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AI image of the Greek goddess Hera.

Hera and Her Pre-Hellenic Roots

As queen to Zeus’s king, it is ironic that, Hera, the Olympian goddess of marriage, should herself be a miserable one. With a predilection for inciting vengeance against her husband’s innumerable paramours and their hapless offspring, a neglected Hera plays the quintessential jealous wife to the ever-unfaithful Zeus—Olympian lord of the gods. Never mind that Zeus’s paramours more closely resemble victims than lovers, she never let justice stand in the way of divine retribution. Unloved and unloving, Hera is easily the most unlikable of all the Olympian gods, which is why it is surprising that for all her savagery, she was also one of the most celebrated and piously revered of deities throughout the ancient Greek world.

As the only wedded of the Olympian goddesses, she is regarded as the patron goddess of marriage as well as the goddess of women and childbirth. Because she presided over lawful unions, at weddings her presence loomed large. Moreover, Hera holds an exalted place in the Olympian pantheon, not only is she the wife of Zeus but she is also his sister. In Hesiod’s Theogony, Hera was the eldest daughter of the king and queen of the Titans: Kronos and Rhea.

Given the numerous accolades she has received—to the exclusion of other more benevolent deities—it is difficult to come to terms with Greek literature's depiction of the vengeful and cruel Hera with the benevolent deity who is worthy of celebration. Why was Greek literature unkind to Hera? Moreover, what could account for the stormy relationship between Zeus and Hera? While examining the causes behind her character development, archaeological finds—- particularly her temples— will be reviewed to help determine the historical beginnings of Hera and her worship.

Though a full inventory of her cruelty is beyond the scope of this article, the following are some of the most notorious tales of her brutality beginning with the tragic tale of Io. As Hera’s first priestess, Io initially rejects Zeus's unwanted advances but ultimately, she is powerless to oppose the will of the mightiest of all gods. In conflicting accounts, Zeus either turns Io into a heifer—presumably to protect her from Hera's wrath—or Hera performs the transformation herself. Hera, however, takes matters one step further when she ties Io to an olive tree while using the hundred-eyed Argus to keep watch over her ostensibly to make sure she has no further trysts with Zeus. Her evil streak unabashed, Hera then dispatches a gadfly to torment and relentlessly hunt poor Io to the farthest reaches of the planet.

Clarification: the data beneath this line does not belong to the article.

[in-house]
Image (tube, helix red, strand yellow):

Semele, mother of Dionysus by Zeus, is also one of Hera’s targets. Hera, disguised as a nurse, convinces Semele to implore Zeus to expose himself in all his glorious majesty, aware that the sight of his unshielded holiness will instantaneously destroy her—which it does. The exquisite nymph Callisto is the next to succumb to Zeus' insatiable desire—and Hera's never-ending wrath. Alas, when Hera discovers Callisto is pregnant with Zeus' child, she transforms her into a bear.

Lastly, there is the story of Princess Alcmene, who was reputed to be the tallest and most exquisite of mortal women. When she becomes pregnant with Zeus’s child, Hera ties Alcmene's legs together to stop her from giving birth but her attempts are unsuccessful, and the Greek hero Heracles—her arch-enemy— is born. To add insult to injury, Hera is tricked by Zeus into nursing the half mortal/half divine creature. Because he was nursed by a goddess, the infant would grow strong and fierce.

Attic red-figure calyx-krater depicting Heracles.

Attic red-figure calyx-krater depicting Heracles. (Jastrow / CC BY-SA 2.5)

After discovering the infant’s identity, Hera violently throws Heracles off her breast causing her breast milk to spew into the sky creating the Milky Way galaxy. But the fall was not enough to foil the infant hero so Hera dispatches two snakes to strangle him in his cot while he lay sleeping. The snakes, however, would lose the match when baby Heracles strangles them instead and uses their dead carcasses as toys. The animosity between Hera and Heracles is legendary and follows him into adulthood when she finally drives him into madness forcing him to kill his wife and children.

To understand why Greek literature was unkind to Hera it is useful to consider pre-Greek (or pre-Hellenic) history. In the 18th century BC, the Mycenaeans–an advanced warrior society— invaded the Aegean region conquering the indigenous pre-Hellenic mainland. Representing the first characteristically Greek civilization, Mycenaean Greece dominated the last phase of the Bronze Age from approximately 18th to 11th century BC. They are called the “first Greeks” because they were the first to use the Indo-European Greek language. To be sure, subsequent DNA testing has revealed a common genetic heritage between today’s Greeks and their Mycenaean ancestors. Although they were initially under Minoan political hegemony, by 1400 BC they added the legendary Minoan Island of Crete and nearby islands to their long list of conquests becoming the dominant power in the region.

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